Articles to 2011-08-05

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First the link to this week’s complete list.

Isn’t economics wonderful? Those beautiful diagrams in Beale et al. would represent a distinct improvement to quite a few arts exhibitions. And isn’t it a noteworthy science of renown, that can warn about and predict a danger four years after it happened? Didn’t they also foresee and prevent the stock setback of 1987 and the dot-com crash? Looking at the current article we find it typical of the genre. A few rather primitive and simple-minded assumptions lead to a bit of easy high-school mathematics and everyone able to solve that believes himself to have gained deep and thorough insight. The one thing I have yet to see is assumptions with error bands and their propagation into the results. In the sciences just formulating a hypothesis is only the first step in planning research, that may or may not yield results. In economics the hypothesis alone suffices for an article in a prestigious peer-reviewed journal. And of course all asset classes and industrial sectors have the same probability distribution for failure and they are all completely independent from each other, so that one of them failing does not compromise the stability of any of the others. Isn’t life simple? I look forward to all the wonderfully effective market regulation arising out of this.

Before analysing Butler and Broockman we need to translate a few things from US-American into common English (this bit took me some time first):

That said, let us dig in. The first impression is an article without any graphic presentations at all. Fine for an essay on poetry or theology but strange in a quantitative context. The raw data in SOM table 2 are given in a format such that the only way to extract them for reanalysis is by manually retyping them, but, to be fair, they are given and they are complete, which is more than can be said for most other studies.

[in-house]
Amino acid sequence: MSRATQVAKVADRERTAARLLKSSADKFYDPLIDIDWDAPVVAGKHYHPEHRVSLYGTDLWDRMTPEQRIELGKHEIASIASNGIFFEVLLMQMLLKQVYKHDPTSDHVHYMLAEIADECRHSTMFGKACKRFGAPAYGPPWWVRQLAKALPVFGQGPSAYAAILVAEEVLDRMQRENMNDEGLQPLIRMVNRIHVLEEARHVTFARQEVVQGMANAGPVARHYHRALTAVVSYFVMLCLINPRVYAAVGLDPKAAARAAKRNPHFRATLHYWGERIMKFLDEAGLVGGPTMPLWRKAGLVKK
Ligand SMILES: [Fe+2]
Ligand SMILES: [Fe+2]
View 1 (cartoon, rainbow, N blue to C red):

First, the main result is valid. White candidates more often answer Jake (60.8 %) than DeShawn (57.3 %), p < 0.05. Is this racism? Perhaps. The names were chosen for being maximally racially distinct. Apart from that, according to SOM table 1 Jake Mueller conveys no information while DeShawn Jackson is two to four times more likely to vote Democratic than Republican. (On top of that both Christian names suggest a working class background with little education to me, but I’m not American.) So the name does carry valid information besides race. Might that include the likelihood actually to vote, even seeing they bothered to ask?

Minority candidates are significantly less likely to answer at all (38.6 %) than white candidates (59.0 %), p < 0.00001. If they do, their preferential treatment is quite pronounced, Jake 34.1 %, DeShawn 43.5 %, p < 0.05. That said they still answer DeShawn less often than their white counterparts do, p < 0.0001.

Political candidates are not stupid, or at least their election staff isn’t. How probable is it, that somebody lacks the basic knowledge about how to vote but is committed enough to want to become involved in primaries? Candidates more often answer uncommitted writers (57.9 %) than affiliated ones (55.8 %), p < 0.2. Looking at the innocuous Jake alone this becomes a significant (p < 0.05) 60.5 % versus 55.9 %. So it seems they do smell a rat or a hoax. Note that this difference is actually bigger than that between Jake and DeShawn. Might "DeShawn Jackson" be another giveaway? The frequencies in SOM table 1 point that way. DeShawn is treated equally whether committed (55.8 %) or not (55.3 %), p = 0.83.

In conclusion, are there differences in treatment? Yes. Do they point to racial inequity? No, except perhaps unequal commitment of legislators towards their constituents. As a last remark I see that nearly all results I looked at are significant, while few in the original report are, which suggests a skewed view following an agenda.

"And this is [science]?" (Richard Phillips Feynman) (What he actually said was medicine. I wonder, do I have a peculiar stare too when confronted with voodoo?)

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